Anvil journal of theology and mission
Mark Scanlan, An Interweaving Ecclesiology: The Church, Mission and Young People (London: SCM, 2021)
reviewed by Cathy Ross, Church Mission Society
The book is billed on its back cover as offering “a fresh vision of Christian community as constructed for and by participants as potential ecclesial spaces” to create church. Its focus is on youth ministry, but it has wider appeal as a result of Scanlan’s helpful analysis and suggestions for how to establish a faith community. Scanlan himself declares that the book is about church, mission and young people.
The book is in three parts. The first part is more theoretical, providing a theological and sociological platform for his argument. One of his key missional arguments here is that we must be willing to be led by the young people themselves. We must challenge our own assumptions as to why young people do not affiliate themselves with the church. These are important missiological principles – be attentive to the context, listen to and learn from the locals! The second part develops what Scanlan calls “an interweaving ecclesiology” by presenting us with case studies of two Christian youth groups. This is important work because it is always interesting to see what is happening on the ground in real life, or the lived experience as we now call it. He explores how these groups already have an ecclesial imagination and how that can blossom into a fuller ecclesial life. However, this will be on their terms and with their leading. The final part is a more general analysis and critical conversation between Fresh Expressions, pioneer ministry and the church more generally.
The second part is important for developing his metaphor of an interweaving ecclesiology which I like – it is evocative, visual, and dynamic. It suggests a kind of movement and even disruption as interweaving happens. Scanlan resists setting or creating “solid boundaries” (p.157) perhaps picking up Pete Ward’s metaphor of liquid church. In her recent book, Disclosing Church (Routledge, 2020) Clare Watkins writes about the “edgelessness” of church; she wants to see church as a kind of verbal expression of what church could be rather than in the more static noun form. This is what Scanlan seems to be articulating – that there is a hidden ecclesial discourse within these youth groups that can disrupt and interrupt our usual ways of thinking about church. He argues that church has an inherent fluidity in its very nature, is dynamic and will always be emerging in new spaces, and so requires a kind of ambiguity and porosity. He suggests a kind of reversal in ecclesiology so that instead of beginning with an idea of what church might look like, we wait for the ecclesial life to emerge with the aid and discernment of the Spirit. This begins by people coming to know Christ within that community and allowing the ecclesial space and form to emerge. Scanlan goes on to discuss in some detail the outworkings of these ideas.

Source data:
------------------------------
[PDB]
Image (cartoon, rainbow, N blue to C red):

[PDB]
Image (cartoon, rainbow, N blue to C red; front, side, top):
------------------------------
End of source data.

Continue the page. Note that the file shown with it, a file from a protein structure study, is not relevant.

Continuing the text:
The third part takes these ideas further in a conversation around Fresh Expressions and pioneering. I was especially interested in his insights around pioneering, which he believes could release creativity and allow both attentiveness and ambiguity to be embraced. He defines pioneering “as the ability to live in the ambiguity of the interaction of church and not church, in the definitional uncertainty of potential ecclesial spaces” (p.233). He claims that the pioneer can remind us of our own fragility and ambiguity and is one who can bring to light those hidden discourses and spaces where Christ is at work. Scanlan is a fan of ambiguity and picks up on Jonny Baker’s writings on ambiguity and imagination. Baker believes that ambiguity creates space for imagination and that the church needs much more of this. Scanlan agrees and believes that it is through exercising imagination and living with ambiguity and fragility that “new threads might be woven into the tapestry of the church” (p.234). This is an ongoing process – it is never finished.
So, while this is a book born out of experience of being with young people, it has much wider resonance and challenge for all of us. Of course, there is much more. Scanlan looks at the nature of the institution, the role and place of sacraments, the importance of relationships, the place of Scripture, pastoral care and prayer brought into conversation with the practices of actual youth groups. I warmly commend this to anyone interested faith, mission and wondering just what church might be in our times.